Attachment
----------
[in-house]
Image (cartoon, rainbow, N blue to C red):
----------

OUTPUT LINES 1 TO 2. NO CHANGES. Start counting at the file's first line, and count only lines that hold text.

[in-house]
Image (cartoon, rainbow, N blue to C red):